Inverso by Kiko Loureiro – reviewed by Chris Mann
guitarist and composer Kiko began his musical studies at age 11.
He was only 19 years old when, after years of gigging with
local bands in São Paulo, he was invited to join the newly-formed rock
band Angra. The success
of their debut album “Angels Cry” in 1993 opened many new markets
to the band, such as Europe and Japan.
During his live work with Angra, Kiko has always found time to
share his knowledge by giving guitar clinics and workshops around the
debut solo album “No Gravity” had a worldwide release in 2005,
followed in 2006 by the release of Kiko’s second solo CD “Universo
Inverso”. This second solo album takes an entirely different
direction from the first one. Kiko is joined by three respected
Brazilian and Cuban musicians for a Latin jazz-oriented set.
this new direction may have surprised some of Angra’s diehard metal
fans, it has received positive critical acclaim worldwide.
It’s certainly a coup for Vernon Neilly’s Boosweet Records
to have issued this in the USA in 2007.
the opening bars of the energetic Feijão de Corda, the sound
of Loureiro’s guitar is powerful and electric – after repeated
hearings, I hear this in my head and can’t resist singing it.
As this song progresses, I can hear amazing technique and a
great sense of humour. Yaniel
Mato’s piano solo cuts right across the rhythm but never sounds out
of place or less than satisfying. Ojos
Verdes kicks off in a very grand Al Di Meola style and mellows
into an offbeat ¾ verse section. The
comparison with Al Di Meola is unavoidable because of the powerful
tone, the “light-and-shade” and the guitar/piano interplay.
I also hear a technique called – musos correct me here –
intro to Havana is muscular but when the bass and drums lighten
up you’ve got a flying Latin-flavoured song that really draws you
in. There’s some great
string-bending here for you axe-fans.
I love the light cymbal work on much of this song.
Such energy has to be balanced out and the piano intro to the
lovely Anastácia promises a soothing, melodic song.
That’s just what you get. There
is light and shade but the contrast is not as striking as it is in
some songs on the album.
love the clever Monday Mourning title.
This Latin-tinged ballad moves beautifully and there is a heavy
hint of blues in there. This is
a great ensemble piece – the bass, drums and piano do just enough to
support that lovely jazzy guitar (which sounds like a semi-acoustic)
and the guitar itself isn’t working too hard on this gorgeous,
mellow tune. The rhythm of Arcos
de Lapa is again very samba-influenced and Loureiro’s wild and
passionate guitar sits surprisingly well over the top.
The sound of this guitar in the midrange is very sexy and Al Di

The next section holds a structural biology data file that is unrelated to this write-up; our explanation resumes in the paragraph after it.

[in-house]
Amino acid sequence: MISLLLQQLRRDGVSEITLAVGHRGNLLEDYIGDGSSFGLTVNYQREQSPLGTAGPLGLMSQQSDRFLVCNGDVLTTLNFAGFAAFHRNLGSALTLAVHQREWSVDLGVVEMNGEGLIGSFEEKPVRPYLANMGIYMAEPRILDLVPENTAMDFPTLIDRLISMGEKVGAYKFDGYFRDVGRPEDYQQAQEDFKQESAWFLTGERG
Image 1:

Meola fans (like me) should just love
is more sombre than the title suggests and here that semi-acoustic
tone lends the right warmth. By this point, the range of guitar styles you’re hearing should
really have impressed you. On
this song there is the type of “classic” jazz sound that Norman
Brown fans (like me) go nuts for. Time
for bassman Carlinhos Noronha to step forward.
Anyone who’s ever tried to copy Jeff Berlin, Joe Hubbard or
Jimmy Haslip will realise what bass talent opens Camino a Casa.
Noronha’s bass is joined by blazing guitar, staccato piano
and some great snare work from Cuca Teixeira that bears comparison
with the astounding Dave Weckl. This
is right up there – passionate, technical and spine-tingling.
starts off as a solo guitar piece then develops into a dreamy number.
The jazz-rock intensity has dropped again and we start to
appreciate how gifted Kiko Loureiro is as a songwriter.
It’s easy to imagine other players covering this song in the
future. This must be
breathtaking if he plays it live. The
dark piano intro to the wistful Recuerdos ushers in the only
song on the CD to feature acoustic guitar.
Throughout the song these two instruments share the limelight.
Lovers of Earl Klugh’s less funky work (like me) will enjoy
this – and love the dark streak of “saudade” that runs through
it. It closes an album of
extraordinary contrasts with great style.
hope that this CD is heard by a varied audience because Kiko
Loureiro’s music has the ability to please lots of people. “Universo Inverso” is fantastic because Loureiro – who
is already being spoken of as a “guitar God” – is playing with
us. I’ve just been listening
to clips from “No Gravity” and I can honestly say I’ve never
heard a guitarist playing straight-out rock who blew me away like
that! That includes Jan
Akkerman and Eddie Van Halen, both of whom I admire immensely.
we’re jazz fans aren’t we and when this 34-year old virtuoso turns
his hand to jazz and jazz-rock it is something special, something we
can’t ignore. I really have been singing the rockier parts of this album and that’s rare.
Just before I got this CD to review, I bought “Casino” by
Al Di Meola. I first
heard it and was astonished by it almost 30 years ago in France.
I hope and believe that a student of French will look through a
friend’s music collection in 2035, play this in whatever form it can
then be played and go “wow!”
Producer – Kiko Loureiro